Thomas Eric Duncan, the first patient diagnosed with the deadly Ebola virus inside the United States, died Oct. 8 in Texas and now a family member claims that racism and disparity are responsible for his death.
In an interview on CNN’s OutFront, Josephus Weeks, nephew of the now-dead Liberian man, said the color of his uncle’s skin played an important role in the Texas hospital’s decision to release Duncan while he had a raging fever.
“He’s the only person that has died from Ebola here in America,” Weeks said.
Referring to another American patient, Dr. Kent Brantly – who is white and survived with the help of timely medical intervention – Weeks added, “He’s a black man. He’s poor, didn’t have insurance.”
Duncan left Liberia and arrived in the U.S. on Sept. 20. He developed a fever and stomach pains four days later and was admitted to Texas Health Presbyterian Hospital Dallas’ emergency room.
On Sept. 26, he was sent home after doctors failed to diagnose him with Ebola, only to be hospitalized two days later, this time in critical condition. In isolation and fighting for his life, Duncan received the experimental drug brincidofovir on Oct. 3.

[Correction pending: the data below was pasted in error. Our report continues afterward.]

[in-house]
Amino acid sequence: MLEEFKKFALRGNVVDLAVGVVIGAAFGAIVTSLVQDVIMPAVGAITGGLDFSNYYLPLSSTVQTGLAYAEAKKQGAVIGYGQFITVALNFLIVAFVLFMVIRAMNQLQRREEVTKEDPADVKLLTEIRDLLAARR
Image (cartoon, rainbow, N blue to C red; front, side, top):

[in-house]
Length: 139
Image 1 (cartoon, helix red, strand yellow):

Many are questioning why it took the doctors so long to recognize his symptoms even though it was known that Duncan had been in Liberia. Moreover, questions are being asked as to why it had taken the doctors so long to give him the anti-viral drug, especially knowing that Ebola is a quick-moving virus.
As questions surround Duncan’s treatment (or lack thereof), a health care worker who treated him tested positive for Ebola, hospital officials announced on Sunday.
NBC News reported that the Centers for Disease Control and Prevention will perform tests to confirm the diagnosis, and if the results are positive, the nurse would become the first Ebola case to be transmitted or contracted in America.